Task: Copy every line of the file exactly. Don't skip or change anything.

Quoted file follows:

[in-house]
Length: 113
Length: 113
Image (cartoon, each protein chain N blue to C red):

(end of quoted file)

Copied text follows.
[in-house]
Length: 113
Length: 113
Image (cartoon, each protein chain N blue to C red):